A scientist’s weekend

Written by Chad Cowan

I have just changed careers and am challenged every day at my job. For most of my professional life I was a professor at Harvard University, where I taught undergraduate and graduate students and ran a research lab. Eight years ago, I helped start and then led the research of a new company that sought to harness the newly discovered CRISPR/Cas gene editing system to make medicines.

Fall is in full swing here in New England. It is always hard to let the last days of summer go, but with their passing comes the routine of school and work. I am definitely a man of routine. I wake early (5:30am) and spend the first 30 minutes of the day feeding the dog, catching up on reading and the news and getting my kids out of bed. I exercise, a run or a walk or yoga, anything to get the blood moving. Then it is time for work.

I have just changed careers and am challenged every day at my job. For most of my professional life I was a professor at Harvard University, where I taught undergraduate and graduate students and ran a research lab. Eight years ago, I helped start and then led the research of a new company that sought to harness the newly discovered CRISPR/Cas gene editing system to make medicines. We did the early pre-clinical work to build medicines for CRISPR Therapeutics, which now has several medicines in patients. Today, many people with sickle cell disease no longer have any disease symptoms and lead largely normal lives as a result of our first medicine at CRISPR Therapeutics. This forever changed the course of my career and has put me on the path to working on the commercial side of drug discovery, or “biotech” as it is often referred to here in the Boston area. We have combined some of the key discoveries from my academic research lab with several additional advances in the field of stem cell
differentiation to form a new company Clade Therapeutics.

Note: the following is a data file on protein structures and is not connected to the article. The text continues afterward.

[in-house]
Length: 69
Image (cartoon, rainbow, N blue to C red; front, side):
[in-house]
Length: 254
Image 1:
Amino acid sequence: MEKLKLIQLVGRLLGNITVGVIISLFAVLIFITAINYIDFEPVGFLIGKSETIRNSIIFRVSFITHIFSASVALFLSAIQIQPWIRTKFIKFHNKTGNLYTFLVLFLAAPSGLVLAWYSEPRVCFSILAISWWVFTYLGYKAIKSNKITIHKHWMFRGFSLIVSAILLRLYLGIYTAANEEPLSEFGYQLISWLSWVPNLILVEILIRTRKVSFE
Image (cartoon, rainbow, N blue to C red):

At Clade, our goal is to make cell-based medicines accessible to everyone. The success of CAR-T cell therapies, wherein a patient’s own T cells are modified to express a chimeric-antigen receptor or CAR that targets cancer cells has proven the value of cellular medicines in fighting and in essence curing otherwise lethal cancers. The problem with these therapies is that they are only available at a few very highly specialized research hospitals, and they cost millions of dollars to produce. We aim to change that by differentiating induced pluripotent stem cells into T cells that look and function the same as the T cells taken from patients. Arm these with a CAR, and you now have T cell therapies for everyone with a given cancer. We hope that by changing the scale and consistency with which these cell medicines can be produced we will also change their costs, so that in the long run these medicines become available globally for every patient in need. Day-to-day, I am excited by working with our research team to overcome some of the technical challenges that stand in the way of making our goal into a reality. I enjoy the process of solving hard problems together with some enormously talented scientists. This part of my job is not so different from running an academic research lab. The new challenges for me lie in learning to build and lead an organization that has all of the critical skills and know-how to make new medicines. In particular, I am not a gifted people manager, so learning to listen and understand everyone’s perspective and knit those together into a tapestry of teamwork has been my biggest learning experience. I love learning and I am blessed that my new career has stretched both my academic knowledge and my people skills to their limits.

After work, I love spending time with my family. An important part of our day is dinner all together whenever possible. We sit at our dining room table, light the candles, eat on the fancy china, use the silver, and discuss our days. One of favorite things to do is to have one member of the family read a poem aloud. We keep several volumes of poetry next to the table for just this occasion. We have an eclectic mix of poems, some based on science, some from the acknowledged masters of the art and a few irreverent items such as poems from Cookie Monster and those told from the point of view of family pets. No matter who the author is we usually have a laugh or a thoughtful moment.

As my sons are both young and full of energy, we also have a new family rule that if you leave the table without asking to be excused you have to do a “chicken dance”. We get one of these almost every night and it leaves all of us with a smile on our face.
This weekend we have the regular fall sports for our guys, soccer and tennis and the Annisquam Village Arts and Crafts Fair. The Arts and Crafts fair brings together artists and craftsmen from all over Cape Ann (this is the small island we live on that has the larger cities of Gloucester and Rockport). I volunteered to work the “floor” on Saturday helping people with their purchases and keeping an eye on the merchandise. All of the proceeds will go to benefit the local church and the Annisquam Village Hall Association, which is a community center, library, community theater and gallery open to everyone. So, a packed weekend with fun for all ages.

Written by Chad Cowan